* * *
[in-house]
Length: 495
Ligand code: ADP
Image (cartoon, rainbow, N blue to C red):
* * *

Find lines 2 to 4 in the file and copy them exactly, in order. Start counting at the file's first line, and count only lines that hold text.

Length: 495
Ligand code: ADP
Image (cartoon, rainbow, N blue to C red):